Use xcodebuild swift package with binaryTarget logic flaw

Introduction binaryTarget feature in swift package manager 5.3. provides a convenient way to add libraries from the C++ universe using Objective C or pure C wrapper as external dependencies. This is an elegant and simple way. Before that, I had to use git submodules and Xcode subprojects with bash scripts.

I’m trying to refactoring FastRTPSBridge project - wrapper over the FastRTPS library, which is actively used in the TridentCockpit project.

Ok, let’s get started.

git clone -b binaryTarget https://github.com/DimaRU/FastRTPSBridge.git
cd FastRTPSBridge
swift build

Ok!

Tech is working for macOS.

Now try building for iOS Simulator. To do this, you will need to use xcodebuild.

xcodebuild -scheme FastRTPSBridge -destination ‘generic/platform=iOS Simulator’

Error, headers now found.

Okay, I guess maybe iOS isn’t fully supported yet.

Let’s try to build for macOS:

xcodebuild -scheme FastRTPSBridge -destination ‘generic/platform=macOS’

The same error, headers now found.

What is the difference between swift build and xcodebuild? Xcodebuild uses the ‘xcode new build system’, which makes extensive use of parallel builds.

Let’s try to investigate the error.

xcodebuild -scheme FastRTPSBridge -destination ‘generic/platform=macOS’ - IDEBuildingContinueBuildingAftererrors=YES

Error again, but compilation went further. Second run:

xcodebuild -scheme FastRTPSBridge -destination ‘generic/platform=macOS’ -IDEBuildingContinueBuildingAftererrors=YES

** BUILD SUCCEEDED **

Bingo!

The problem is that binaryTargets are processed in parallel with other tasks and simply do not have time to execute and create an environment for processing other targets.

If we force the build system to work after errors occur, then binaryTarget finishes processing and beginning from the second pass, the file structure is prepared for compiling the remaining targets.

This must be considered as logic flaw in xcodebuild system. All binaryTarget’s should be processed before all other targets!

The same problem is here: https://forums.swift.org/t/headers-not-found-for-an-xcframework-packaging-a-static-lib-for-ios-critical/41464 and may be here: https://forums.swift.org/t/packaging-static-library-in-spm-package-for-ios-executable/41245

1 Like

@DimaRU this is awesome. I believe you found the issue, and that gives an answer I've been waiting for a while. I can't quite make it work with the IDEBuilding... option for my iOS example, but I can see how the issue is some missing logic flaw about processing binaryTargets first in xcodebuild.

@quentinfasquel

Unfortunately, the quirk with "- IDEBuildingContinueBuildingAftererrors " doesn't work with nested packages.
Please try:

cd MyWrapperLibrary
xcodebuild -scheme MyWrapperLibrary -destination 'generic/platform=iOS Simulator' -IDEBuildingContinueBuildingAfterErrors=YES
xcodebuild -scheme MyWrapperLibrary -destination 'generic/platform=iOS Simulator' -IDEBuildingContinueBuildingAfterErrors=YES

Yes @DimaRU I can perform this command a bunch of times in a row, it still keeps failing on my hand.

Just pack your binary target in separate package, as described in WWDC 10147/2020. This works in my case.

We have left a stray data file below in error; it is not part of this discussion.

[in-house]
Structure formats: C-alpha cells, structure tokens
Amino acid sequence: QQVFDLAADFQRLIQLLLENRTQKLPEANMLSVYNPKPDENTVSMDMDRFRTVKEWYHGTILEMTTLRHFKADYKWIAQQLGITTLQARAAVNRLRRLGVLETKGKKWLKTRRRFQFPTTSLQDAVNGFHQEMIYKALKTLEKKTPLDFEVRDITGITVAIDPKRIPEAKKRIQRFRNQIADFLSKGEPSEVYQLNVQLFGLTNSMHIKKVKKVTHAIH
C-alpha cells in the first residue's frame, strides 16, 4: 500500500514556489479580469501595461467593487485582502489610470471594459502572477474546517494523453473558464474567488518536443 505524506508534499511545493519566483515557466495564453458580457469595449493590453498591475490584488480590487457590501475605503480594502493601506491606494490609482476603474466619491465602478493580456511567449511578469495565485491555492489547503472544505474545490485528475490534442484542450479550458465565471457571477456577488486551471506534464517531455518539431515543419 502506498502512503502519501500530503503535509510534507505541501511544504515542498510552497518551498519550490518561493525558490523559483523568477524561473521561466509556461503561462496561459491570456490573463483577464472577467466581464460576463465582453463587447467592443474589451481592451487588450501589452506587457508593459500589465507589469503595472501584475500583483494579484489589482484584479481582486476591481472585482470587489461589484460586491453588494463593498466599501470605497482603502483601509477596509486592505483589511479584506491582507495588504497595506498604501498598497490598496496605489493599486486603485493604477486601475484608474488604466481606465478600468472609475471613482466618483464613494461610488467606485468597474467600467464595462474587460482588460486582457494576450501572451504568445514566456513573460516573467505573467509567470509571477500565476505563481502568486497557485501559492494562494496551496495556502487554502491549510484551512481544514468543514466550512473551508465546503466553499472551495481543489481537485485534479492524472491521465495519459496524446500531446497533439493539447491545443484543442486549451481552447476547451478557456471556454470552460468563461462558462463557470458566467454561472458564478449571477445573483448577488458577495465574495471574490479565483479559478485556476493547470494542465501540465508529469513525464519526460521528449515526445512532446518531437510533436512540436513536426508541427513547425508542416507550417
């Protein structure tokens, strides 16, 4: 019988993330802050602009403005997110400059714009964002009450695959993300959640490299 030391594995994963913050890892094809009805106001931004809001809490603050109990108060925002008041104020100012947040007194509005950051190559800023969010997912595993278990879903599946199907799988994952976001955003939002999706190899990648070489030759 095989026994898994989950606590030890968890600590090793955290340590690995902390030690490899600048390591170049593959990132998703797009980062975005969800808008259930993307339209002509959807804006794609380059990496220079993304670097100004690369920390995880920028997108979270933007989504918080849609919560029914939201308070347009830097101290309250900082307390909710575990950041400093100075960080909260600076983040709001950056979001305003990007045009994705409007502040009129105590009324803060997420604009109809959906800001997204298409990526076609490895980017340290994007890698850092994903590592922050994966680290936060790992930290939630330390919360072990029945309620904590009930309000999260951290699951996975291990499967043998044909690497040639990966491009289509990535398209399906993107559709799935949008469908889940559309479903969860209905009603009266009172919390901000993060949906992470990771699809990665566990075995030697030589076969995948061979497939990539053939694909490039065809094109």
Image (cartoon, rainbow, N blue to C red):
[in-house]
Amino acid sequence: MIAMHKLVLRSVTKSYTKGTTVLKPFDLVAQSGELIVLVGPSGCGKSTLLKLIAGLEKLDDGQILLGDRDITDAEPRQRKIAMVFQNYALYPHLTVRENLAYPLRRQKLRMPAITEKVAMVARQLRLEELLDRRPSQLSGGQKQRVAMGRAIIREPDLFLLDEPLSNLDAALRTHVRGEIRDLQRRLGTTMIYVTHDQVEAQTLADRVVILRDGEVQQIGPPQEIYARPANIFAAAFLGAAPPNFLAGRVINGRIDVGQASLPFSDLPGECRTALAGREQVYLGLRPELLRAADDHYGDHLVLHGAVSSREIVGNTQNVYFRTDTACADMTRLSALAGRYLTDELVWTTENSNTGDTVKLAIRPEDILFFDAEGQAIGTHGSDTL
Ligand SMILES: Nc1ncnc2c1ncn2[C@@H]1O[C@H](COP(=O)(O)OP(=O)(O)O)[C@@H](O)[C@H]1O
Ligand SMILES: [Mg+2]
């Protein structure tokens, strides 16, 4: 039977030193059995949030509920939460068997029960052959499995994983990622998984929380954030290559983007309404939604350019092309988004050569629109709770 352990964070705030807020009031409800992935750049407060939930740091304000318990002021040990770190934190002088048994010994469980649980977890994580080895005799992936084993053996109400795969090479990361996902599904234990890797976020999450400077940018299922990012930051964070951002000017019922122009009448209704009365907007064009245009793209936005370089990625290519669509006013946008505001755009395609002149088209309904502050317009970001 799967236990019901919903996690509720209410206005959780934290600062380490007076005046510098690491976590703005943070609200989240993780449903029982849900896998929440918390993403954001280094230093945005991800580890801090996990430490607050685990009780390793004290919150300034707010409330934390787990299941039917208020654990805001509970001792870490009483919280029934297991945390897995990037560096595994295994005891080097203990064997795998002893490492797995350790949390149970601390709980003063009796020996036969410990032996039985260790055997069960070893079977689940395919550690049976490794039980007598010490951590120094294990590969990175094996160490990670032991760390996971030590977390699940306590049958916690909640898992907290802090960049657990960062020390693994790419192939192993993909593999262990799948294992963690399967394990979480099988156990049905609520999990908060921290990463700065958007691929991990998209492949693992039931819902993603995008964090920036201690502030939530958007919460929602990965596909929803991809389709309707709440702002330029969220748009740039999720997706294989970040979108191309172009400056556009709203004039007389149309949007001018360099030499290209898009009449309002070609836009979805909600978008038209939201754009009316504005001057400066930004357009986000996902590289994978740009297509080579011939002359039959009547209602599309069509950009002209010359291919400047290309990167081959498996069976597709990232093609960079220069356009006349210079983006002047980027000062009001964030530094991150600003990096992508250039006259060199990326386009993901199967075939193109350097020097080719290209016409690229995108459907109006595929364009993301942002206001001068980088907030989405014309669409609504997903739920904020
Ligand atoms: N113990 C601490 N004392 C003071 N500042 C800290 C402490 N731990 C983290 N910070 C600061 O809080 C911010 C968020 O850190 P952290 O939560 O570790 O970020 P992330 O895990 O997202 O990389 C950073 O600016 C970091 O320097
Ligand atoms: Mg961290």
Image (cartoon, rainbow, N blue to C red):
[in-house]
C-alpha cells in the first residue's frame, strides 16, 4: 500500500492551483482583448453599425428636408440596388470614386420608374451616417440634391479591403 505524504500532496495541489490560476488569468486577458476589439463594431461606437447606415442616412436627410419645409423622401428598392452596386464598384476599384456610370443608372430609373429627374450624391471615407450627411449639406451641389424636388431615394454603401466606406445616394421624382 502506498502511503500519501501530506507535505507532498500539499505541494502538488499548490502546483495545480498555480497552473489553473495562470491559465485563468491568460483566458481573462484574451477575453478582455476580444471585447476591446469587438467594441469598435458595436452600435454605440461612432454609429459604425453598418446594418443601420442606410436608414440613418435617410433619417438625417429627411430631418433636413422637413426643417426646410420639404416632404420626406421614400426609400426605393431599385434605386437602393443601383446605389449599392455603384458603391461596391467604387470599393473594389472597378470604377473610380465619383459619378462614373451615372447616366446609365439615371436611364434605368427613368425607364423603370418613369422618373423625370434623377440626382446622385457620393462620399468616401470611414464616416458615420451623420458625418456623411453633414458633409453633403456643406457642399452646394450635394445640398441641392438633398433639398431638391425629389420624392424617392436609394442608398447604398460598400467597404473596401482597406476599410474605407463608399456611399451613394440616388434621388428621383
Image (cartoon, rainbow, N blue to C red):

Can you elaborate? I have no idea what "WWDC 10147/2020" is a reference to.

I think this could possibly be the cause of the issues I'm seeing, where sometimes the compiler will choose to compile the code that depends on the binary target before it has bothered to copy the actual binaryTarget! (see: Bug with .binaryTarget in Swift Packages with Xcode?)

I don't understand why they made it "binaryTarget" instead of "binaryDependency", since really that's what we need, a "binaryDependency"... why did they make it a target? Clearly a "target" should be what is produced by your framework, not what is depended on by it.

That video is called "Distribute binary frameworks as Swift packages".

However I'm not trying to distribute anything. I have an existing app, with 40+ local framework targets and 10+ local Swift packages. The app uses Carthage. Carthage can now build XCFrameworks. Some of our Swift packages want to now use the local, dynamic XCFrameworks from the Carthage/Build directory, just like our frameworks do.

This doesn't work though. If we try to link to an XCFramework using ".binaryTarget" then it requires the XCFramework to be inside the Swift Package's own directory structure, so we have to make a symlink to the Carthage/Build directory inside the package. Even then, we're running into issues where Xcode says it cannot find the linked XCFramework.

What are we supposed to do?

This does NOT work:

And this does not work:

And if we make it non-dynamic, it works but it results in an extra copy of SwiftProtobuf getting embedded into the app, then it fails validation. Maybe Xcode 12.5 fixes that issue, not sure though.

Also, the video you linked specifically says:

don't bundle other people's binary frameworks.

So how am I supposed to link our locally-declared Swift packages to our Carthage dependencies, which have been built as XCFrameworks?

After trying all the suggestions I could find, I came to the conclusion that .binaryTarget is not suitable for use with local frameworks in Xcode 12.3 due to the bug described above (link), unless there's something I'm missing here.

We've tried many different approaches, yet every time, we get intermittent failures where the build system can't find the XCFramework from the binaryTarget. Definitely feels like dependency-resolution bug in Xcode, but I can't rule out some bizarre project-file corruption in our app or similar.

On another approach, I came up with a half-working solution here using .unsafeFlags and .linkedFramework arguments: Binary Frameworks with SwiftPM - #19 by 1oo7 (in case it's helpful to anyone.)

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